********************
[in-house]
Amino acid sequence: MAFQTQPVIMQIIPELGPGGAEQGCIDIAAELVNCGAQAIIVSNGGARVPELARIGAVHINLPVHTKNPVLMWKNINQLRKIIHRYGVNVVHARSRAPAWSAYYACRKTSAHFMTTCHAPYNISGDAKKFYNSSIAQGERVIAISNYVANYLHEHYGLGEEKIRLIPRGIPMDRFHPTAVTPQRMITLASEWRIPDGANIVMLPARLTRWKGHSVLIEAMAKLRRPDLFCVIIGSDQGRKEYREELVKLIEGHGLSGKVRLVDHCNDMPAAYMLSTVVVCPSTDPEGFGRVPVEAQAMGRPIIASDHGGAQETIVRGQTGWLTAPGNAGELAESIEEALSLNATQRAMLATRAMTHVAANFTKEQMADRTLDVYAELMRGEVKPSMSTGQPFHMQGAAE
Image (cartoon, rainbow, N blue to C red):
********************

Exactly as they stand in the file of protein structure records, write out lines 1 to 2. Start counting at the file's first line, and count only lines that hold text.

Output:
[in-house]
Amino acid sequence: MAFQTQPVIMQIIPELGPGGAEQGCIDIAAELVNCGAQAIIVSNGGARVPELARIGAVHINLPVHTKNPVLMWKNINQLRKIIHRYGVNVVHARSRAPAWSAYYACRKTSAHFMTTCHAPYNISGDAKKFYNSSIAQGERVIAISNYVANYLHEHYGLGEEKIRLIPRGIPMDRFHPTAVTPQRMITLASEWRIPDGANIVMLPARLTRWKGHSVLIEAMAKLRRPDLFCVIIGSDQGRKEYREELVKLIEGHGLSGKVRLVDHCNDMPAAYMLSTVVVCPSTDPEGFGRVPVEAQAMGRPIIASDHGGAQETIVRGQTGWLTAPGNAGELAESIEEALSLNATQRAMLATRAMTHVAANFTKEQMADRTLDVYAELMRGEVKPSMSTGQPFHMQGAAE